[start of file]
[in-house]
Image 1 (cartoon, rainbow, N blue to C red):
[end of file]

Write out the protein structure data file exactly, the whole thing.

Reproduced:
[in-house]
Image 1 (cartoon, rainbow, N blue to C red):